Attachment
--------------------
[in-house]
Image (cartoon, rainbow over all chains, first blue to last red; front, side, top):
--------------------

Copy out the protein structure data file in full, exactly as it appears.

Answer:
[in-house]
Image (cartoon, rainbow over all chains, first blue to last red; front, side, top):